“All happy families are alike; each unhappy family is unhappy in its own way.” So begins Tolstoy’s Anna Karenina, and the principle certainly applies to the Foxman clan in Jonathan Tropper’s hilariously heartbreaking 2009 novel, This Is Where I Leave You.
Upon the death of patriarch Mort, the four Foxman children—Paul, who runs the family sports store and carries a huge chip on his shoulder; Judd, our narrator, who’s recently estranged from his wife; Wendy, the harried but direct mother of three; and Phillip, the charming, perpetual screw-up—gather at the family home with mother Hillary to (reluctantly) sit Shiva [the week-long mourning period in Judaism]. It’s the longest uninterrupted time they’ve all spent together in decades, and the results are alternately unpleasant, uncomfortable (punches are thrown and long-buried feuds revisited) and heartwarming. Publishers Weekly says, “The family’s interactions are sharp, raw and often laugh-out-loud funny, and Judd’s narration is unflinching, occasionally lewd and very keen. Tropper strikes an excellent balance between the family history and its present-day fallout, proving his ability to create touchingly human characters and a deliciously page-turning story.”
This sounds like the perfect setup for a film, and we’re in luck: the movie adaptation of the book opens September 19. Directed by Shawn Levy (Date Night, Night at the Museum) from a script by Tropper, the film stars Jason Bateman as Judd, Tina Fey as Wendy, Corey Stoll as Paul, Adam Driver as Phillip, and Jane Fonda as the all-powerful Foxman matriarch Hillary. Here are a few things—moods, scenes, emotions—that we hope make it to the screen.
Judd Foxman’s snarky, but sad, narration
In the book, it’s Judd’s voice that carries us through the action, and everything is filtered through his decidedly cynical gaze. He has a reason to be cynical: he just walked in on his wife of 10 years (Jen in the book and Quinn in the film) having sex in the marital bed with his shock-jockey boss, played by Dax Shepard, who’ll surely bring some oily charm to the womanizing radio personality. In the hands of Bateman—whose iconic role as beleaguered middle son Michael Bluth on Arrested Development is the perfect preamble for Judd—we’re fairly certain that the right balance will be struck between humor and genuine emotional pain.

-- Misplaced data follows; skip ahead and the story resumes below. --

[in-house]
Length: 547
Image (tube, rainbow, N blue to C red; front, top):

The realistic sibling relationship
No one wants to watch a movie—or read a book—about siblings who get along splendidly every single day. That’s boring. There’s no doubt that the four Foxman siblings love each other (even if it’s grudging and out of a sense of familial loyalty) but what Tropper manages to convey with such graceful ease is the ways in which childhood dynamics carry through to adulthood with both positive and negative consequences. Judd and Paul will always look out for Phillip, despite the fact that Paul thinks his youngest brother is an utter failure (and often says as much). It’s just understood that that’s what brothers do. Wendy will always move between being the peacemaker and the instigator, holding the power to diffuse tense situations and ignite arguments old and new. Tina Fey’s dry wit seems like a perfect match for Wendy, and Adam Driver’s somewhat sleazy turn on Girls makes us think he’ll be ideal as the seductive but perpetually inept Phillip. Corey Stoll’s hard stare and set jaw, which we recognize from his time on House of Cards, is an excellent match for Paul’s frosty exterior, one that covers up a hot, seething rage at slights past and present.
Hillary Foxman’s complete lack of boundaries when it comes to her children
A successful psychologist with a bestselling parenting book—which uses all her children as examples and goes so far as to use their real names—Hillary Foxman has no filter. She also has no qualms about discussing her sex life with her children, often in conjunction with unwanted observations and pointers about their own bedroom activities. Like most mothers, she has a soft spot for baby Phillip, but he can’t escape her penetrating gaze entirely. Jane Fonda, who made a name for herself playing upfront, no-holds-barred women to be reckoned with, should bring out the best, and the worst, parts of Hillary. And that’s just right.
No Foxman comes out of the seven days of sitting Shiva unscathed. Judd sums it up perfectly at the end of the novel, when the siblings are set to go their separate ways:
“Deflect emotions with logistics. It’s what we do. Dad lives on in all of us. Our parents can continue to screw us up even after they die, and in this way, they’re never really gone. My siblings and I will always struggle trying to confront an honest emotion. We’ll succeed, to varying degrees, with outsiders but fail consistently, sometimes spectacularly, with each other. The hardwiring simply runs too deep, like behind the walls of this house; circuit breakers on hair triggers.”
Now this is the kind of family we want to see onscreen. Got your ticket yet?